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Integration host factor assembly at the cohesive end site of the bacteriophage lambda genome: implications for viral DNA packaging and bacterial gene regulation.

Sanyal SJ, Yang TC, Catalano CE - Biochemistry (2014)

Bottom Line: Global analysis of the EMS and AUC data provides constrained thermodynamic binding constants and nearest neighbor cooperativity factors for binding of IHF to I1 and to nonspecific DNA substrates.At elevated IHF concentrations, the nucleoprotein complexes undergo a transition from a condensed to an extended rodlike conformation; specific binding of IHF to I1 imparts a significant energy barrier to the transition.The results provide insight into how IHF can assemble specific regulatory complexes in the background of extensive nonspecific DNA condensation.

View Article: PubMed Central - PubMed

Affiliation: Department of Medicinal Chemistry, School of Pharmacy, University of Washington , H-172 Health Sciences Building, Box 357610, Seattle, Washington 98195, United States.

ABSTRACT
Integration host factor (IHF) is an Escherichia coli protein involved in (i) condensation of the bacterial nucleoid and (ii) regulation of a variety of cellular functions. In its regulatory role, IHF binds to a specific sequence to introduce a strong bend into the DNA; this provides a duplex architecture conducive to the assembly of site-specific nucleoprotein complexes. Alternatively, the protein can bind in a sequence-independent manner that weakly bends and wraps the duplex to promote nucleoid formation. IHF is also required for the development of several viruses, including bacteriophage lambda, where it promotes site-specific assembly of a genome packaging motor required for lytic development. Multiple IHF consensus sequences have been identified within the packaging initiation site (cos), and we here interrogate IHF-cos binding interactions using complementary electrophoretic mobility shift (EMS) and analytical ultracentrifugation (AUC) approaches. IHF recognizes a single consensus sequence within cos (I1) to afford a strongly bent nucleoprotein complex. In contrast, IHF binds weakly but with positive cooperativity to nonspecific DNA to afford an ensemble of complexes with increasing masses and levels of condensation. Global analysis of the EMS and AUC data provides constrained thermodynamic binding constants and nearest neighbor cooperativity factors for binding of IHF to I1 and to nonspecific DNA substrates. At elevated IHF concentrations, the nucleoprotein complexes undergo a transition from a condensed to an extended rodlike conformation; specific binding of IHF to I1 imparts a significant energy barrier to the transition. The results provide insight into how IHF can assemble specific regulatory complexes in the background of extensive nonspecific DNA condensation.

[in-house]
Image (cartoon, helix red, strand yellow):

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Quantitative analysis of EMS binding data. TheEMS data (representativedata presented in Figures 2 and 3) were converted to fraction bound DNA versus IHF concentrationas described in Experimental Procedures. (A)Ensemble of EMS data for binding of IHF to the cos274 (blue), [R3-I1-R2] (red), and [I2-R3-I1] (green) duplexes. Eachdata point is the average of at least three separate experiments withthe standard deviation indicated with error bars. The ensemble ofdata was simultaneously analyzed according to the nonspecific finitelattice DNA binding model as described in ExperimentalProcedures. The solid lines represent the best fits of thedata, and the derived binding parameters are presented in Table 1. (B) EMS data for binding of IHF to the minimalI1-specific duplex. Each data point is the average of at least threeseparate experiments with the standard deviation indicated with errorbars. The data were analyzed according to the competitive specific/nonspecificfinite lattice DNA binding model as described in Experimental Procedures. The solid line represents the bestfit of the data, and the derived binding parameters are presentedin Table 1.